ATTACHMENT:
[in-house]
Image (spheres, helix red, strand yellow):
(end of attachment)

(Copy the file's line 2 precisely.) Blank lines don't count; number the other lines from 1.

Image (spheres, helix red, strand yellow):